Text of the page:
In Britten’s centenary year it was inevitable the War Requiem would feature heavily. This can be both a blessing and a curse, depending on your viewpoint. The former is certainly true for the sheer weight and quality of the music, and the powerful message Wilfred Owen’s war poetry delivers in tandem with the Requiem Mass. The latter applies because of the sheer number of performances of this amazing work, for it is true that too many concert experiences of the work can dilute the relevance of what Britten and Owen have to say.
This, though, was the ideal combination, a performance of the War Requiem on Remembrance Sunday, and the perfect opportunity to experience the work more as Britten would have liked; with the potential for reparation and reappraisal not just of his music but of his pacifist beliefs too. It is sad to say, but the War Requiem is destined never to be irrelevant in our world.
The lights in the Royal Albert Hall were respectfully dimmed throughout this performance, which began on a very sombre note with no need for further introduction. Indeed, the conductor Semyon Bychkov was careful not to invest even the fortissimo singing from the choir with too much volume initially, limiting the real explosions of noise to the massive perorations of the Dies irae, the Sanctus and the terrifying Libera me.
This approach magnified the emotional qualities of the quieter singing, and the acappella passages with which the Kyrie, Dies irae and Libera me end were especially poignant. You could hear a pin drop during each. Meanwhile the boys of the Westminster Abbey Choir, conducted by James O’Donnell, were positioned up in the gallery, at 3 o’clock to the stage – the ideal place from which the clarity of their contributions to the mass could be fully appreciated, an eerie counterpoint from on high.
The three vocal soloists gave excellent contributions. Soprano Sabina Cvilak disappeared into the sound of the choir at times, though this could well have been on account of where we were sat, relative to her position in front of the Royal Albert Hall organ. She dealt especially well with the lilting lines of the Lacrimosa.
The tenor Allan Clayton, a stand-in for Andrew Kennedy, clearly knows this music well. He achieved a beautifully pointed innocence in the yearning of Owen’s At a Calvary near the Ancre which dovetails with the Agnus Dei, its five to a bar never sounding more natural than it did here – especially when following on directly from the Sanctus. His ascent at the end, to the words ‘dona nobis pacem’, was serene.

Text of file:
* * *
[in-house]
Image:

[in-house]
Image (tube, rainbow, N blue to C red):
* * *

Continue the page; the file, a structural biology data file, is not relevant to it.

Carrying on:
The duets with Roderick Williams were extremely well handled by both singers. Time stood still during The Parable of the Old Man and the Young, Britten’s second setting of this Biblical test of Abraham and Isaac. It also came to a halt during the remarkable Strange Meeting, where the music was quietest of all, Clayton and Williams stripped to their emotional bare bones against a fragmented string quartet accompaniment. An equal sense of mental anguish could be found in The next war, and its opening words, ‘Out there we’ve walked quite friendly up to death’, with ghoulish accompaniment.
Williams’ baritone had a lovely, rounded sound, and while the two did not perhaps bring as much outright anger as some have to the Owen settings, the nightmarish horror of the poetry was always evident, thanks also to some superb playing from the chamber orchestra accompanying them.
The BBC Symphony Chorus and Crouch End Festival Chorus were superb, exceptionally well drilled and responding to Bychkov’s very subtle but well defined conducting, their ensemble bringing out the words with great clarity. There was fire and brimstone in the Dies irae, but the disorientating Libera me was the most powerful utterance, full of worrisome phrases as the music swirled in the face of the gathering storm. The BBC Symphony Orchestra were wonderfully responsive to all of this, heroes all.
At no point was this a spot lit performance, and great credit should go to Bychkov for attending to the text with great reverence, conducting with humility. Sometimes just a scoop of the hands was all that was needed. In this way attention was always focused on the text, and the assembled audience were left with much to ponder; surely the function of the War Requiem and Remembrance Sunday itself. To that end an immaculately observed, extended period of silence, the choir’s ‘Amen’ dying away to inaudibility, was the ideal way to respond.
This performance of Britten’s War Requiem can be heard on the BBC Radio 3 website until the evening of Sunday, 17 November.